‘Baha Mar Committee Is A Sign Of Ad Hoc Governance’

Loretta Butler-Turner

Loretta Butler-Turner

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Deputy Chief Reporter


LONG Island MP Loretta Butler-Turner yesterday criticised the formation of a committee to oversee payments to Baha Mar creditors, insisting that this was evidence the Christie administration lacked the ability to plan well, instead relying on “ad hoc” governance.

The Free National Movement’s shadow minister of labour and social development said given Prime Minister Perry Christie’s “insatiable propensity” for creating committees, which often times hardly ever produced results, this raised questions of whether he was legitimately pursuing a resolution to Baha Mar or creating yet another deflection from the recent Moody’s downgrade.

She told The Tribune that there were also concerns about the appointment of China Construction America (CCA) executive Tiger Wu to the committee. The MP said she found this “reprehensible” as CCA, which has earned a reputation of allegedly producing sub-par work, is now tasked with reviewing the craftsmanship of Bahamian contractors.

Her harsh critique of this committee follows reports in The Nassau Guardian yesterday that former Minister of State for Finance James Smith said the first time he learned of his appointment to the committee was on Sunday, the day the government made the announcement. At the time he said he had not spoken to anyone from the government officially about his appointment.

“In this instance, Mr Christie has gone ahead and named a committee,” Mrs Butler-Turner said, “and one of the principles of the committee did not even know that he was on the committee.

“I find that to be absolutely incredible given the fact that Mr Christie says that this is something that they have been working on assiduously and this is the best that he can do? To actually name persons to a committee and they have not even been informed that they are on the committee?

“It just speaks to the whole issue of Mr Christie’s ad hoc approach to governance and lack of planning. So it brings the question for me of whether in fact Mr Christie is legitimately pursuing a resolution to Baha Mar or whether this is just a further deflection from the bad news with regard to our downgrade by Moody’s.”

She added: “On top of that Mr Christie has also named people from CCA. That raised very big questions for me because CCA to the best of my knowledge are the builders that have already given us sub-par work. So who are they to actually determine the level of craftsmanship and work that has been done by the Bahamian contractors?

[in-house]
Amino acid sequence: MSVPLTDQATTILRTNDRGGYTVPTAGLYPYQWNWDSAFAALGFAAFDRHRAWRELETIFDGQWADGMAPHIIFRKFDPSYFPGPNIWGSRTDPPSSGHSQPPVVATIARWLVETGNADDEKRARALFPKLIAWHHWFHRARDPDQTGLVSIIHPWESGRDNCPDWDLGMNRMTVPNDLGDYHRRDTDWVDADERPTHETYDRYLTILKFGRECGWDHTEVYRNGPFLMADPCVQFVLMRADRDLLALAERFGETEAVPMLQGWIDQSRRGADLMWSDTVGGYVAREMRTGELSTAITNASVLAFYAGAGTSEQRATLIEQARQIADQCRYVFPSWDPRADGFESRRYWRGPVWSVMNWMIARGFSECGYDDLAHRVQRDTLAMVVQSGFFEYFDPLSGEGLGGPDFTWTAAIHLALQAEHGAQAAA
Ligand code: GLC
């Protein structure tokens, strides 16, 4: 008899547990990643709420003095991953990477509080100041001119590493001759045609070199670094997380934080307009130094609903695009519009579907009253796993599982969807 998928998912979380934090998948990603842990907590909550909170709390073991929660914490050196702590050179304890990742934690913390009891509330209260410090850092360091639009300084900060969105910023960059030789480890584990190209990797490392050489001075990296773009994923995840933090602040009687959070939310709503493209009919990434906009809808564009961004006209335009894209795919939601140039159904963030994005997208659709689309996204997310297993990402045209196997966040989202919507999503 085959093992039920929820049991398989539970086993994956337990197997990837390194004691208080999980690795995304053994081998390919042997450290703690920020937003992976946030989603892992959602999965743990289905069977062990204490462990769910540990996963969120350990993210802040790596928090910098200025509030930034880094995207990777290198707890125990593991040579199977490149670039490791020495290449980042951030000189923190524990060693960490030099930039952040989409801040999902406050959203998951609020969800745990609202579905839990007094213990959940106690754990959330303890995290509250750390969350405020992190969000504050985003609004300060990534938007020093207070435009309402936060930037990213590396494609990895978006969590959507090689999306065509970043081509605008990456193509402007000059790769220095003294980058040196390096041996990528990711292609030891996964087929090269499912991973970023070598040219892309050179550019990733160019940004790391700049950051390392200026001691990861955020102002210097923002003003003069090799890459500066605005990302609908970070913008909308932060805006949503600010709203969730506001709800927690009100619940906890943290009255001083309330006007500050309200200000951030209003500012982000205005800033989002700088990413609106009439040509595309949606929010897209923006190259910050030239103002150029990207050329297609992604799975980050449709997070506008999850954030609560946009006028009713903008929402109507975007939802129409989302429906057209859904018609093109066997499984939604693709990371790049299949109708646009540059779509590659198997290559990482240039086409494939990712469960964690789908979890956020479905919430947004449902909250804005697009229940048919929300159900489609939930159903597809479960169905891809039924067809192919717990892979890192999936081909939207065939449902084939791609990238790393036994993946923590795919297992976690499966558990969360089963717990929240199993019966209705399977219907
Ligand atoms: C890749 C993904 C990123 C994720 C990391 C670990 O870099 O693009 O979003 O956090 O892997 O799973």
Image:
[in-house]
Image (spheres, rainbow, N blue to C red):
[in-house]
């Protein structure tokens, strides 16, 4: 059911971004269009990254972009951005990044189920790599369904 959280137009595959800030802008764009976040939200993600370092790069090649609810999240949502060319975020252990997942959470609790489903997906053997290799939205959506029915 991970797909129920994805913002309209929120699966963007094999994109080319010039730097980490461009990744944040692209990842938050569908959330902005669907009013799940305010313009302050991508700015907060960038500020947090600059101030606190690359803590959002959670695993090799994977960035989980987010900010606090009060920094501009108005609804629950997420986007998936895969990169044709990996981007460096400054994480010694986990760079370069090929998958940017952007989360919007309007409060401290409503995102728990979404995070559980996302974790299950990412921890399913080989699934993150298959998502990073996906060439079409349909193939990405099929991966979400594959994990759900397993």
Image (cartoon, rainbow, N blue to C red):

“I think that question needs to be answered. Are we in fact going to allow Mr Christie to advocate his responsibility to the Bahamian people by allowing CCA who obviously from all suggestions produced this sub-par work? Are we going to allow them to determine what the value is of the Bahamian work? I find that reprehensible.”

On Sunday, BMD Holdings – Baha Mar developer Sarkis Izmirlian’s company - criticised the appointment of Mr Wu to the committee with oversight for the payouts, alleging that he has “engaged in documented questionable behaviour.”

The statement also added that it was CCA that created the situation, which led to Baha Mar’s troubles. CCA is Baha Mar’s general contractor.

“CCA has proven itself to be a serial deceiver of the prime minister of the Bahamas and the Bahamian people. The unsecured creditors of Baha Mar have every reason to be wary and concerned about the credibility of this committee and its agenda,” BMD Holdings said.

Earlier on Sunday, the government announced that Mr Smith; Grant Lyon, liquidation claims advisor to the government; Yanping Mo, representative of the Export-Import Bank of China; Norbert Chan, representative of court appointed receiver Deloitte & Touche and Mr Wu had been appointed to a committee to administer the claims of Bahamian and other creditors of the Baha Mar group of companies.

The government said it hoped that Bahamian employee claims would be settled no later than September 30 and that all other claims will be dealt with on or before December 31.


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